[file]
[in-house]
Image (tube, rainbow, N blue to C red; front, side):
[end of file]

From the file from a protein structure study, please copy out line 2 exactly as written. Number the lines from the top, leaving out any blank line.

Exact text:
Image (tube, rainbow, N blue to C red; front, side):